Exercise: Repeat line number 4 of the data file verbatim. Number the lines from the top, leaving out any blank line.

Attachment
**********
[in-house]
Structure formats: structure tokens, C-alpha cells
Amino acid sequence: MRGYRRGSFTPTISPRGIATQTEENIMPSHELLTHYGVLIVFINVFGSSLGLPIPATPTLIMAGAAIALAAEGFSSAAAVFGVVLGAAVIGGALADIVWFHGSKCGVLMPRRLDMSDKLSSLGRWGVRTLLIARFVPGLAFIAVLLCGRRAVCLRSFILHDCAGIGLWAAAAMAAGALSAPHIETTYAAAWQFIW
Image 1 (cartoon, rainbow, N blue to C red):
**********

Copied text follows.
Image 1 (cartoon, rainbow, N blue to C red):